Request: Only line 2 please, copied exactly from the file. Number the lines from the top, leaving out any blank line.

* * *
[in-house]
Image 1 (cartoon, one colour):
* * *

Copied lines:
Image 1 (cartoon, one colour):